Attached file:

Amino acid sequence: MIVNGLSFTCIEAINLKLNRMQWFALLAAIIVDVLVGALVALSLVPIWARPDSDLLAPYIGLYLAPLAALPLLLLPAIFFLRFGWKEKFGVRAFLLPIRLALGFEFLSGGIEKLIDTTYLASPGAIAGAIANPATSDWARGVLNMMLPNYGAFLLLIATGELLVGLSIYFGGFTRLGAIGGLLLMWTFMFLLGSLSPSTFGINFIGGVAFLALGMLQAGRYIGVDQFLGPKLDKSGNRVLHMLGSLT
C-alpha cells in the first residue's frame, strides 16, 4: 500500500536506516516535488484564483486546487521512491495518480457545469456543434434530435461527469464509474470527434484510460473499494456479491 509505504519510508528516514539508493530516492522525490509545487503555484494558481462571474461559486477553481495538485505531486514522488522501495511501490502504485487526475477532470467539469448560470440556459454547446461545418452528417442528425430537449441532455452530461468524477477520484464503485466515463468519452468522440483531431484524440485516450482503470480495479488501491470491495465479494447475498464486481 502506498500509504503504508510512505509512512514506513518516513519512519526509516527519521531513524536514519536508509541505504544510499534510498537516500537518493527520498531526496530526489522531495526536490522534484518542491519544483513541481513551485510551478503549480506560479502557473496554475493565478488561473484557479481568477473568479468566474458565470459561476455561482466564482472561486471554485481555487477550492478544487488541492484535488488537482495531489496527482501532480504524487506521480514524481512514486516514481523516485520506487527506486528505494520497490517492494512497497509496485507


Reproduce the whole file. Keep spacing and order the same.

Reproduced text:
Amino acid sequence: MIVNGLSFTCIEAINLKLNRMQWFALLAAIIVDVLVGALVALSLVPIWARPDSDLLAPYIGLYLAPLAALPLLLLPAIFFLRFGWKEKFGVRAFLLPIRLALGFEFLSGGIEKLIDTTYLASPGAIAGAIANPATSDWARGVLNMMLPNYGAFLLLIATGELLVGLSIYFGGFTRLGAIGGLLLMWTFMFLLGSLSPSTFGINFIGGVAFLALGMLQAGRYIGVDQFLGPKLDKSGNRVLHMLGSLT
C-alpha cells in the first residue's frame, strides 16, 4: 500500500536506516516535488484564483486546487521512491495518480457545469456543434434530435461527469464509474470527434484510460473499494456479491 509505504519510508528516514539508493530516492522525490509545487503555484494558481462571474461559486477553481495538485505531486514522488522501495511501490502504485487526475477532470467539469448560470440556459454547446461545418452528417442528425430537449441532455452530461468524477477520484464503485466515463468519452468522440483531431484524440485516450482503470480495479488501491470491495465479494447475498464486481 502506498500509504503504508510512505509512512514506513518516513519512519526509516527519521531513524536514519536508509541505504544510499534510498537516500537518493527520498531526496530526489522531495526536490522534484518542491519544483513541481513551485510551478503549480506560479502557473496554475493565478488561473484557479481568477473568479468566474458565470459561476455561482466564482472561486471554485481555487477550492478544487488541492484535488488537482495531489496527482501532480504524487506521480514524481512514486516514481523516485520506487527506486528505494520497490517492494512497497509496485507